We recall Jesus saying saying “I am the bread of life” (John 6:35). At the last supper, Jesus tells his disciples to “eat this bread and drink the cup” (1 Cor. 11:26). In scripture eating and drinking call us to the table where there is good food ready for us to enjoy in good company. So how does one come to the table? I believe that coming to the table of the Lord is a process of becoming conscious, of coming to know ourselves as we are known.
A few years ago through prayer, I had a sense that I was standing at a sideboard. Over time, I became aware that there was a table in this room and in fact, there was an empty place at the table for me. Since that time, I have been practicing coming to the table of the Lord. This has required me to accurately describe what is on my plate. Imagine the plate is a metaphor for the realities of my life experience found in my relationships. I could not actually “eat” what was given to me, until I named it. I noticed there were things that had been sitting on that plate for a long time, waiting to be named. Once named, it was as if the Risen Lord transformed the contents of my plate into something edible. The work I have done to name and accept the rough contours in my life has bonded me to the Risen Lord and to those in the body of Christ on the earth today.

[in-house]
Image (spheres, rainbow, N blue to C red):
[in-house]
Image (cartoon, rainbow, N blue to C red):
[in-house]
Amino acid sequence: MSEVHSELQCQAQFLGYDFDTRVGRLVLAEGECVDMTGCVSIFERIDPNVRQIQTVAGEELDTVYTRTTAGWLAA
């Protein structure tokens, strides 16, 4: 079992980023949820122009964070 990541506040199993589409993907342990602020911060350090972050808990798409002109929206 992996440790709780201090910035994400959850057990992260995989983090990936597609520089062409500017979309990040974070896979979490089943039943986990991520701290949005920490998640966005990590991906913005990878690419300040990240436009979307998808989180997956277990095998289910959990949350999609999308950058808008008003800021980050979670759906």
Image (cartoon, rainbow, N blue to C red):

At first it was very difficult work. Now, there are still times I cannot understand why something needs to be on my plate, but I have become more aware deep within that I am well fed. If our stories are found on our plates, what is on your plate?
During a recent workshop I attended, our facilitator asked the group if three or four of us would share a time of great darkness in our lives and explain how our experience of that dark night or impasse changed our understanding of God. A few of us did, and afterwards one man observed that by hearing the stories he believed that the group had a more profound experience of God. The telling of a few sad tales, did not disturb our faith, rather it connected us to one another more deeply.
One of the blocks I believe that often face us, as we even unconsciously begin to consider changing our patterns of relationship through forgiving is the sense that “it is too late for us.” But I challenge that one-dimensional thinking. What if bringing this part of broken creation to the cross is your earthly task? What if bringing your experience of pain is the primary action God desires of you?
Of what value can my broken heart be to God? I have sometimes likened my experiences with sin and its hurtful patterns in families as bits of a burst balloon. I have never met anyone who wanted that garbage. But now I know that God does not judge my damaged moments as garbage. These are the bits of life that God uses to create something beautiful. So I have been practicing giving and trusting God with my disappointments and in those acts, I am being regenerated from the ground up.